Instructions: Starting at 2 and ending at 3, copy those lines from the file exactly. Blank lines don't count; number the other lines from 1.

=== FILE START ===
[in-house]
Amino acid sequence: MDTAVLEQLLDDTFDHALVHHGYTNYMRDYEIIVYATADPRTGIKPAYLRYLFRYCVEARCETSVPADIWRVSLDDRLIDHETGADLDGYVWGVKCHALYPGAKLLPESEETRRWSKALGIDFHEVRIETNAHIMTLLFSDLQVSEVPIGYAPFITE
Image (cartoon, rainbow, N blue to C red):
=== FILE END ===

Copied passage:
Amino acid sequence: MDTAVLEQLLDDTFDHALVHHGYTNYMRDYEIIVYATADPRTGIKPAYLRYLFRYCVEARCETSVPADIWRVSLDDRLIDHETGADLDGYVWGVKCHALYPGAKLLPESEETRRWSKALGIDFHEVRIETNAHIMTLLFSDLQVSEVPIGYAPFITE
Image (cartoon, rainbow, N blue to C red):